The highlight of the episode was the ending theme, which featured the dark elf Riheet and a young girl, who I guess is his sister, looking sad and scared and fleeing from something. In those one and a half minutes, they established a more compelling narrative than whatever the entire rest of the episode tried to set up.

King's Raid isn't bad, it's just kind of nothing. If you were really into Dragonlance as a kid… well, so was I, and I still don't want to watch more.

Nicholas Dupree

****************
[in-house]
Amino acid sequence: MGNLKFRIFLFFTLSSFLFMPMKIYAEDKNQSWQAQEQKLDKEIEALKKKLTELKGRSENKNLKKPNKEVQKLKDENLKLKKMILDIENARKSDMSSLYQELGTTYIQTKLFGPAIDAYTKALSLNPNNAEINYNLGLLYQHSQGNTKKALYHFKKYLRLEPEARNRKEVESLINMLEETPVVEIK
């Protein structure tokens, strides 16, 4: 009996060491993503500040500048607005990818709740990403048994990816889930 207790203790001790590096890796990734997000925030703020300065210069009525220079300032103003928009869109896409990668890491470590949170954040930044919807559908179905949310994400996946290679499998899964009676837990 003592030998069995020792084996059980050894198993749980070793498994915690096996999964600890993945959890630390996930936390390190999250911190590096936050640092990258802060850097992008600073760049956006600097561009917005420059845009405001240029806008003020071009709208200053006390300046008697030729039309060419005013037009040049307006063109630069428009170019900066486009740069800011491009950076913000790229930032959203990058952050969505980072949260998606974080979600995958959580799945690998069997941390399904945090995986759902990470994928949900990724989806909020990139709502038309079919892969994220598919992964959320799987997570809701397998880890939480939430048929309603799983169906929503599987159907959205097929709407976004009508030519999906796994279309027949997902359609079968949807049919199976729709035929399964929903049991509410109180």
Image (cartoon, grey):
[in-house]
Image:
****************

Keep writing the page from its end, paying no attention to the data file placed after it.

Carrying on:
Inevitably, every new season of anime is going to feature at least a couple of shows that just slip off your brain once you're done watching them. These are the kinds of shows where nothing is particularly wrong with them – in fact they're often perfectly serviceable for whatever genre they're a part of – but are just so flavorless that when you're not actively perceiving them your brain cells just can't retain any information. Such is King's Raid, a sword-and-sorcery fantasy series that I finished watching 10 minutes ago, and am already struggling to remember what happened.